20. Jänig W (2008) Autonomic nervous system and pain. In: Basbaum AI, Kaneko A, Shepherd GM, Westheimer G (Hrsg) The senses: a comprehensive reference, vol 5: pain. Elsevier Academic Press, San Diego, S 193–226CrossRefGoogle Scholar
  21. Ji RR, Woolf CJ (2001) Neuronal plasticity and signal transduction in nociceptive neurons: implications for the initiation and maintenance of pathological pain. Neurobiol Dis 8:1–10CrossRefPubMedGoogle Scholar
  22. Johanek L, Shim B, Meyer A (2006) Primary hyperalgesia and nociceptor sensitization. In: Cevero F, Jensen TS (Hrsg) Handbook of clinical neurology, vol 81 (3rd series). Elsevier B.V, Amsterdam, S 35–47Google Scholar
  23. Konopka KH, Harbers M et al (2012) Bilateral sensory abnormalities in patients with unilateral neuropathic pain; a quantitative sensory testing (QST) study. PLoS One 7(5):e37524CrossRefPubMedPubMedCentralGoogle Scholar
  24. Lai JJ, Hunter C et al (2003) The role of voltage-gated sodium channels in neuropathic pain. Curr Opin Neurobiol 13:291–297CrossRefPubMedGoogle Scholar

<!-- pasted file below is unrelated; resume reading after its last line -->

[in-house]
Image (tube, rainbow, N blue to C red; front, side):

25. Loeser JD, Ward AA Jr, White LE Jr (1968) Deafferentiation of the -human spinal cord neurons. J Neurosurg 29:48–50CrossRefPubMedGoogle Scholar
  26. Lombard MC, Larabi Y (1983) Electrophysiological study of cervical dorsal horn cells in partially deafferented rats. In: Bonica JJ (Hrsg) Advances in pain research and therapy. Raven, New York, S 147–154Google Scholar
  27. Luo ZD, Chaplan SR et al (2001) Upregulation of dorsal root ganglion (alpha)2 (delta) calcium channel subunit and its correlation with allodynia in spinal nerve-injured rats. J Neurosci 21:1868–1875CrossRefPubMedGoogle Scholar
  28. Maier C, Baron R, Tölle T et al (2012) Quantitative sensory testing in the German Research Network on Neuropathic Pain (DFNS): somatosensory abnormalities in 1236 patients with different neuropathic pain syndromes. Pain 150:439–450CrossRefGoogle Scholar
  29. Marchand F, Perretti M et al (2005) Role of the immune system in chronic pain. Nat Rev Neurosci 6:521–532CrossRefPubMedGoogle Scholar
  30. McKemy DD (2005) How cold is it? TRPM8 and TRPA1 in the molecular logic of cold sensation. Mol Pain 1:16CrossRefPubMedPubMedCentralGoogle Scholar